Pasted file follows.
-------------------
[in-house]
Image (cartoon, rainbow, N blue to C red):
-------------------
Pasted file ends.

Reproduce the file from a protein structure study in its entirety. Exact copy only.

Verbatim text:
[in-house]
Image (cartoon, rainbow, N blue to C red):